Tips in Mixing Electric Guitars using “Double Tracking” Technique

One of the key elements in rock mix is thick and heavy guitar sound. One of the effective ways to accomplish this sound in the mixing process is through a technique called as “Double Tracking”. In this post I will illustrate how to double track guitars in the mix with the objective of making it heavy and thick. Also in the last section of this article, you will also know the general guidelines on mixing guitar tracks in your home studio that utilizes different techniques depending on how the guitar is recorded.

Recording the guitar properly for Double Tracking

Electric guitar photos

Electric guitar photos

Photo credits:

The simplest method is recording the guitar performance with two microphones aimed at the guitar amplifier cabinet. In this type of setup, you will automatically get “double tracked” guitars which makes easier for you to mix later. See signal flow diagram below:

Double tracking signal flow path

Double tracking signal flow path

Also with this type of recording technique, you do not need to record the guitar twice. Record with the best distortion tone you need. Do not record it yet if you are not yet convinced of the distortion tone; much better to experiment with a live band before starting to record the guitar. The overall purpose is to have a clean and final recording ready for mixing. Remember it is not advisable to fix the distortion tone in the mix; it makes the mixing process to be complicated.

c.) If you only have one microphone, you can still follow the above steps except that you will only be creating one track in your DAW. It will be double tracked in the mix (to be illustrated later) by manual duplication of tracks.

d.) If you do not have a microphone, you can implement this technique on recording the clean guitar using DI method(direct to your audio interface) as one track. It will be duplicated in the mix later.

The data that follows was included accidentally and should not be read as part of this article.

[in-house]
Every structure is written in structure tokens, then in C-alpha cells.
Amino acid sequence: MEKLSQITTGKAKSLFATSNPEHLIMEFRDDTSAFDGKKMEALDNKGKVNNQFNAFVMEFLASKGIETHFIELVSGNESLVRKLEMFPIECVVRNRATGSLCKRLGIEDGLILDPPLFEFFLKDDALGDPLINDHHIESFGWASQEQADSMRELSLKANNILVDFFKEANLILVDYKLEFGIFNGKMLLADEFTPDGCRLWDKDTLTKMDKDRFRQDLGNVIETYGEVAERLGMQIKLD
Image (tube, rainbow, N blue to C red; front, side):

2.) Double check the tuning of the guitars. Very easy to do but often overlooked.

The proper “double tracking” mixing steps

If you are only recording one guitar track (using one microphone or DI), start with Step1 until the end. If you are recording guitars using two microphones (thus you have two recorded tracks in your DAW) start with Step3.

Step1.) Start with placing the 1st track in Track1 of the mixing session. This is the original guitar recording.

Step2.) Create Track2 of in your DAW mixing session. Simply copy and paste the wav file in Track1 to Track2.

Step3.) Pan the Track1 to -75 units (left). Depending on your DAW/mixing software, this could be in %, for example if the maximum left pan setting is 100% so it will be 75/100 or 75%.

Step4.) Pan the Track2 to 75 units (right)

You can read this detailed article on panning guitars in mix.

Step5.) Now to get that wide thick sound, you can apply 5ms delay to one of the guitar (either left or right) (mix 100%). This delay may not be necessary if you are recording guitars using two microphones because there is a natural delay captured between these microphones. However feel free to experiment with the sound.

Step6.) To even make it heavier, do not anymore apply reverb on any of the tracks (it is highly important that the reverb is from the room and amp based reverb that will be realized during the recording process). It is because if you start applying reverb on the guitar, it will tend to sound weak and far. Since you are mixing for rock, it is important to get the “in your face” guitar sound.

USEFUL REFERENCE: If you are looking for more information relating to Step1 to Step6, you can read the following tutorials:

Adding ambiance sound to your guitar recording
Properly adding reverb to your guitar

Step7.) EQ it properly, do not cut too much bass in the distorted guitar, it will help add the heaviness sound. As an example:

a.) Cut 1000Hz and 800 Hz at Q=1.4(start with -3dB then gradually increase until you get the desired sound) on any guitar to make sound so clean and avoid the cracking sound. For more EQ tips, you can read the next section of this tutorial.

b.) Cut 3000Hz with around -6dB and Q of 1.0 for both guitar tracks. This will improve the vocal clarity in the mix. Optionally for heavy rock and alternative music, you can start with -3dB to still get that strong mid-range guitar overdrive tone.

Step8.) Adjust track1 and track2 volume and stop when it is loud enough for the guitar tracks to be heard, not dominating the vocals. It is highly important to rely on your ears to decide whether the settings are working or not.

DEMO: Listen to a sample mix below applying the principles above: